But more on that stuff in future posts and videos…
So each level you have a little classroom time and then you go out sailing. Their location is ideal. It’s directly in the “slot” where the bulk of the wind shoots through the Golden Gate Bridge and across the San Francisco Bay. Having the club right there allows you to come in for lunch, which in turn doubles your marina experience. As beginners, commanding the vessel coming in and out of the slip, hoisting and lowering the sails, exiting and entering the marina, and close quarter maneuvering are invaluable skills. You can never get enough marina time. The more the better. You have a little private debriefing after each lesson to let you know the highs and lows of your day and what you might want to work on next time. After “putting the boat to bed,” you go inside to wind down and have a nice beer. Ahhh so refreshing!
After you complete your lessons, there is an onboard review period to practice what you have learned. When you feel ready, you take your practical test, PT, followed by a written exam. Once you pass both successfully, you are certified at that level. Simple. You are given a logbook when you start to prove your level certified and to document your sailing time. As I am writing this now, we are now bareboat cruising certified! Whoop! Whoop! It took us about eight months. We were going at it hard too! Every, and I mean every, weekend we were there sailing, both days, and then some. True weekend warriors we were!
We enjoyed getting together at the social events, BBQs and holiday parties. With Phil at the Q, no one was left out, food and beers around! Just a perfect time to see the people you sailed with before and exchange remember when’s or your latest fish story. A fish story, if you don’t already know, is a true story that through the excitement of the time takes on a new exaggerated tone, a 5 foot wave becomes a 10 foot wave or a 10 foot wave becomes a 20 foot wave, and if it weren’t for you and your excellent sailing abilities totally saving the day or Poseidon himself looking after you, you wouldn’t be here today to even tell the tale. Good times! Everybody has tons of stories, all incredible and to a lot extent true.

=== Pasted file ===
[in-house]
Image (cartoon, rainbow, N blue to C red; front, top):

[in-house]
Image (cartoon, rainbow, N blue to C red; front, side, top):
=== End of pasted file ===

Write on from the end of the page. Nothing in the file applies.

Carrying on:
Along with having had the immense pleasure of meeting and sailing with students from all over the world, Matt and I especially have a warm place in our hearts for the instructors. What a well rounded, worldly group of people invested in your success. Great human beings and great sailors, but surprisingly each so different. Each have their own outlook, which helped us to connect to and appreciate all aspects of sailing. There is a time and place for everything and everything has a time and place. I don’t even know if they understand how wonderfully they fit together. It is like the perfect cast to your favorite tv show, where the chemistry is just right and it all flows effortlessly. They may not all be besties and I’m sure they get on each others nerves on and off screen from time to time, but to the audience, it all works seamlessly. It is an OCSC family.